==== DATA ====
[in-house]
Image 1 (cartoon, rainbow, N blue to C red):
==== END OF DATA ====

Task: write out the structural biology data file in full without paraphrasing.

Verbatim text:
[in-house]
Image 1 (cartoon, rainbow, N blue to C red):